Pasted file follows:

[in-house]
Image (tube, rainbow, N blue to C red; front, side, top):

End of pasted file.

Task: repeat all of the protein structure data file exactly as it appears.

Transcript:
[in-house]
Image (tube, rainbow, N blue to C red; front, side, top):